Whenever I arrive in a new city, I can not wait to go for a quick run. It is a great way to explore the city while ‘pressing pause’ in a usually hectic day (also, see my separate post on that). However, it is not always easy to find running routes in a city you’re not familiar with – so here are my tips to find running routes when traveling.

Don’t ask the front desk employee

In my experience, front desk employees at hotels usually are really bad in advising you where to go running. They would point me to a random nearby park (had that in Athens, Cyprus), another side of the city (Tokyo) or just shrug and say they don’t know (countless places). The Crown Plaza chain hotels usually have a running desk where you can find some nearby routes (their so-called ‘run stations’), but they -until now- have failed to really impress me.

On the other hand, I once had an amazing experience at the Grand Hotel River Park in Bratislava who actually had a dedicated leaflet with different running routes throughout the city, all mapped out in detail, but this the exception that proves the rules I guess.

So, here are three sources I usually *do* use to find my way around a city running.

1) Google it – find running routes

To get a rough idea what areas to look for I usually quickly check Google for blog posts on running areas. On my recent trip to Reykjavik (Iceland) I found the Elliðaárdalur valley just outside the city center that way, a beautiful green area in the city. I often use these Google results as a starting point to refine my search.

Elliðaárdalur-valley in the middle of Iceland
Elliðaárdalur-valley in the middle of Iceland

2) Ask a local – find running routes

Pretty much the same goes for locals. Random locals and/or your local friends might not be runners themselves, but they will usually know where most people go out for a run. In Amsterdam that will be around the Amstel river, the Vondelpark and the Westerpark (although I personally prefer the region near the Bijlmer Arena strain station), in Prague around the Vltava river, etc.

3) Strava app: Strava segments and Strava Route

But my favorite tool is the Strava app. Strava is a popular app/platforms amongst runners and cyclists mainly to track their performance and progress. It has a the ‘segment explorer’ function (click the three dots with ‘more’ in the right corner and then choose the top option ‘segment explorer’). Strava Segments are Strava-member-created and edited portions of road or trail where athletes can compete for time and are a rough indication of areas where a lot of people go for a run. E.g. it will help me browse for the best ways to cross a high-way, to find the woods/park people run the most (see examples below).

Combined with the info from Google and/or locals I will have a pretty good idea what area to run and what heavily used routes are (which are usually the nicest to run).

When I go out for a longer run and/or if I plan to go out for a more complex route (e.g. that requires me to take a lot of turns) I will use the Strava Routes function. With Strava routes you can create a detailed route including estimated distance and time (on your desktop computer or iPad, on mobile it is rather inconvenient). Strava will snap routes to popular segments and/or you can find roads, tracks and cycling paths yourself. A great way to rather quickly prepare for a run. You can then save this route and use it as a guide to run (choose ‘record’ and then ‘choose route’ (left icon) to select one of your saved routes).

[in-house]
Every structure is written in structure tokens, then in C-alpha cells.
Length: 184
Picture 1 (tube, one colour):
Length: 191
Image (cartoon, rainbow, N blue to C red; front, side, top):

Note: the Strava Routes function is not optimal. It requires you to take your phone and watch it once in a while to see if you’re on track. It would be amazing if Strava at some point would allow reliable turn-by-turn audio navigation. This has been a request for a while (e.g. see the Strava forum), but has not been implemented as I am writing this post (june 2018).  

Strava planned run
Strava planned run
Strava actually ran
Strava actually ran

As you will see in the example, I will use this as a guideline rather than something that is set in stone and will deviate from it where I think it’s appropriate to take another route. Sometimes I hate myself for that (again, in the example) where I will end up on a dead end and/or run in circles. But hey, that’s part of the fun I guess?

So, what’s your favorite way to find running routes while traveling?

  1. I also compare the Strava segments with the heatmap. It also helped me find my way in Vietnam to make sure there was actually a road people use with bicycles.
    There aren’t always segments but when people tracked a ride or run it will show up in the heatmap.

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  3. Give trailrouter.com a try. It will automatically create running routes for you that take in as much greenery/nature as possible. You can pick the distance, whether you wait to avoid hills or unlit streets, and it does the rest! (Note: I’m the author, so I’m biased in thinking it’s pretty cool!)

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